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4017 strange output level

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batman

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I have a 4017 rigged so that i can give it a clock pulse, and it moves between outputs 0 and 1, then resets, so it can only be outputting at 0 or 1 at any given time basically. Vcc is 5.2 V. Output 0 starts high, then when I clock it, it doesnt fall low and 1 doesnt go high. Instead 0 goes to 4.67, and 1 stays low. Then I clock it again, 0 goes to 5.2 and 1 stays low. Does anyone know why the outputs are not cycling correctly? This circuit worked perfectly on the proto board, and when I soldered it together, it behaves weirdly. All solder connections are correct, and all components are tested and work fine. Also, resistors and tying down the correct pins.
Thank you for any help
 

batman

New Member
The reset is pin15. It is tied low and to output 2. This way, it will be low until triggered high by the third output (output 2), and force the counter back to output 0.
 

batman

New Member
:x does anyone have any idea what im talking about? i have a cmos outputting at an indeterminate state. why is this happening :evil:
 

bogdanfirst

New Member
i don't understand why you tied low the reset?
the outpt of the 4017 is L when not H, it is not floating, so you need to use a resistor to gnd. i am not sure i understand what you actually diddid you use Q2(the third output) to reset? or you used Q1 wich is the second output?
please, a schematic will be great!!
 

batman

New Member
I tied the reset low and to Q2. This way it won't do anything until Q2 resets it. I hope this clarifies. On the proto board I had Q0 and enable tied together and to ground throught the same resistor and it worked. I did the same thing on the circuit board.
 

bogdanfirst

New Member
from what i understand you have connected your circuit as a flip flop.
but why do you did you connect Q0 and enable together and to gnd?
really, a schematic could do a lot better
 

Roff

Well-Known Member
batman said:
I tied the reset low and to Q2. This way it won't do anything until Q2 resets it. I hope this clarifies. On the proto board I had Q0 and enable tied together and to ground throught the same resistor and it worked. I did the same thing on the circuit board.
You have shorted the Q2 output to ground. Q2 cannot drive the reset if you have it shorted to ground. Ground is zero volts. Period. Shorting an output to ground could possibly cause unexplained behavior in other parts of the chip.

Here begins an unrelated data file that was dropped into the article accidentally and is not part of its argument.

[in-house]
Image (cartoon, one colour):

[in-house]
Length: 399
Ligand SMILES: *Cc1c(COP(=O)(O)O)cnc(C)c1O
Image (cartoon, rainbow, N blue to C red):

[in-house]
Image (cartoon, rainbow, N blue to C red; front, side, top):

If you want to initialize the counter to zero count when you turn on power, post that fact here and we'll show you how to do it.
 

bogdanfirst

New Member
well, Ron H, you said it yourself in the quote. he tied them together and with a resistor to gnd. now the resistor should be a few KOhms, is it is small, it will be just as you say, a short to gnd.
 

Roff

Well-Known Member
Yeah, if he tied them to gnd through a resistor, he might be OK, as you say, if the resistor is a few Kohms. I got the impression that he had tied Q2 directly to ground.
 

batman

New Member
Nothing is shorted to ground. Theyre tied to ground through resistors in the Kohms. Yes I have it working as a flip flop.

One sate should be: Q0=5.2V, Q1=0V, the other state should be Q0=0V, Q1=5.2V.

However it behaves as follows: state one Q0=5.2V, Q1=0V, state two Q0=4.67V, Q1=0.

To my understanding, if the clock and enable pins are tied low through the same resistor, and the same high pulse is given to the clock pin and the enable pin, the counter will advance. This is how I have wired it on the protoboard when it worked.

I don't believe the issue is with the reset or enable, because the counter IS toggling between two distinct states. The problem is that one of these states is not the one I want :? :!:
 

pebe

Member
Batman, you say you are using a resistor of 'a few K' from Q2 to ground. You should need no resistor at all because CMOS devices have complentary (push-pull) outputs. If your resistor is only 1K or so, you are loading Q2 excessively.

Connect as follows. + and -ve rails to pins 16 and 8. Pin 13 (CE) to ground. Pin 14 (CLK) as input. Pin 15 (RES) to pin4 (Q2). Make all connections direct (ie not using resistors). Those are all the interconnects you require.

Take outputs from Q0 and Q1.
 

bogdanfirst

New Member
well, i see the problem now.
enable is active LOW, so when you tied it with the clock, you have the circuit disabled when you get a pulse.
 

batman

New Member
I have heard contradictory statements from different people in this forum:

1) the resistor should be a few KOhms

2) You should need no resistor at all

I wired it exactly how pebe described. I'm still getting the 4.67 state instead of 0. Any other ideas?
 

mechie

New Member
Try this

Pebe's circuit description is correct, and there is no need for any resistors.

What is the input to this circuit :?:

If you are using, say, a pushbutton and when released the input is just floating...
CMOS is so sensitive it could be picking up an input capacitively from an output, causing the 4017 to 'race', trying to count faster than is reliable, and giving unpredictable results.

Contradicting what I said above :? try a 100k resistor from 0v to the 4017 input, see if that calms it down.
NOTE:- I think 100k to 1MEG should be OK for CMOS, enough without loading the outputs too much. 10k or less is starting to get too heavy in my experience.
 
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